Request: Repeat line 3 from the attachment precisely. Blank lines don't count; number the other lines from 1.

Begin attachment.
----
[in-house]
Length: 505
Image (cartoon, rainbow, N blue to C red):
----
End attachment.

Image (cartoon, rainbow, N blue to C red):